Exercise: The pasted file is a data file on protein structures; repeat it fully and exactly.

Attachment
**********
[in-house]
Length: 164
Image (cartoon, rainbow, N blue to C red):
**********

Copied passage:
[in-house]
Length: 164
Image (cartoon, rainbow, N blue to C red):